Afghan bombings expected to worsen

Foes' use of simple devices could grow with U.S. forces

April 05, 2009|By David Wood | David Wood,

WASHINGTON -Military commanders in Afghanistan are bracing for a sharp increase in roadside and suicide bomb blasts as insurgents escalate attacks on allied troops and Afghan civilians, and as thousands of U.S. reinforcements pour into the country.

Already, improvised explosive devices, or IEDs, cause 75 percent of all U.S. casualties in Afghanistan and are the leading cause of Afghan civilian deaths, according to U.S. and United Nations data. With 21,000 more troops on the way, the bombings are expected to intensify, posing a challenge to the Obama administration's strategy and to the U.S. military's high-tech countermeasures.

U.S. field commanders say the Taliban and other insurgents have launched an intensified campaign of terror and intimidation, using primitive bombs buried in roadbeds or detonated in crowds by suicide bombers.

The multibillion-dollar U.S. effort to defeat IEDs has featured drone spy planes, robotic vehicles, radio jammers, ground-penetrating radar, heavy armored vehicles and even blimps. That technology has helped to quell bomb attacks in Iraq, where insurgents use sophisticated devices often remotely detonated by garage door openers and cell phones - devices that can be electronically jammed.

But Afghan bomb-makers typically construct more primitive detonators of scrap wire and wooden sticks that are not affected by radar or radio jammers, leaving the U.S. military stuck with a lopsided, costly defense against maddeningly cheap attacks.

"We try to get ahead of them on the electromagnetic spectrum - and he goes back to a string and clothespin, a much more difficult problem to solve," Lt. Gen. Thomas Metz, director of the Pentagon's counter-IED task force, complained recently at an Army forum. Metz's annual budget runs to $11 billion.

In an interview, Metz admitted frustration at being forced to build "million-dollar solutions to $100 problems. That's just isn't smart business," he fumed. "But it is saving lives."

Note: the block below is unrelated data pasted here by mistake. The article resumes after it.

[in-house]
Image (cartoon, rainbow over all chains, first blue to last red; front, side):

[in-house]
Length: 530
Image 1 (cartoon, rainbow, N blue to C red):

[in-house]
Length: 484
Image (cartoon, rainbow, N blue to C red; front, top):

Half of all known IEDs are discovered before they detonate. Still, bomb blasts have killed 24 of the 27 Americans who died in action so far this year in Afghanistan, more than twice the number for the corresponding period last year. Since the war began in late 2001, 201 American have been killed and 1,224 wounded in Afghanistan by IED blasts, according to Defense Department data through February 2009.

Last year, a record high of 725 Afghans were killed by IED blasts, the largest single cause of civilian war deaths, according to a new United Nations report.

Now, U.S. officers expect a 30 percent to 40 percent increase in IED attacks as the additional U.S. troops pour into Afghanistan and, under the Obama administration's new strategy, fan out across Taliban-dominated regions on rural secondary roads that are often unpaved and not regularly swept for IEDs.

The new strategy also calls for Americans to safeguard Afghan civilians, which will require the military to extend its counter-IED surveillance and protection over hundreds of villages and miles of rural lanes and paths where civilians are being targeted.

To help meet the demand, the Pentagon is dispatching several hundred additional IED experts to Afghanistan to serve as trainers, intelligence analysts, forensic experts and technical advisers, senior officials said.

Having to protect civilians as well "makes our job even more challenging - we can deal with it, but it is more challenging," said a senior officer involved in the counter-IED campaign in Afghanistan. The officer asked not to be named to protect his family.

"We are making a difference," he said in an interview. "But there's still too many people being killed and maimed by IEDs."

Afghanistan's primitive bombs are partly to blame because they are so easy to make and so difficult to detect, U.S. and allied IED experts said.

Often, rudimentary "pressure-plate" bombs are fashioned from two wooden sticks, a small coil spring and cast-off flashlight batteries buried in the road and wired through a detonator to one or more plastic buckets of fertilizer and diesel oil. The weight of a vehicle or even a passing pedestrian will push the two sticks together to close an electrical circuit, triggering an explosion.

IED experts in Afghanistan describe such devices as "victim-operated."

Insurgents are using greater amounts of homemade explosives to produce more lethal IED blasts, Dutch Maj. Gen. Mart de Kruif, commander of allied forces in southern Afghanistan, recently told Pentagon reporters, putting at risk even the most heavily armored U.S. vehicles.

To help protect troops, the Pentagon has spent $27.6 billion to purchase almost 16,000 heavily armored trucks called Mine Resistant Ambush Protected vehicles, at an average cost of $1.7 million each. Most of the vehicles have been used in Iraq but are too cumbersome for Afghanistan, Gen. David Petraeus, the top U.S. commander in the region, has said. The Pentagon is shopping for more nimble armored vehicles.

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